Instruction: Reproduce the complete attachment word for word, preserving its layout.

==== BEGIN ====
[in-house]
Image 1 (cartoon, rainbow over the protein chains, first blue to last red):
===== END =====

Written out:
[in-house]
Image 1 (cartoon, rainbow over the protein chains, first blue to last red):